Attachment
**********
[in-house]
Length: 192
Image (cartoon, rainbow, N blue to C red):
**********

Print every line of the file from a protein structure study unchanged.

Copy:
[in-house]
Length: 192
Image (cartoon, rainbow, N blue to C red):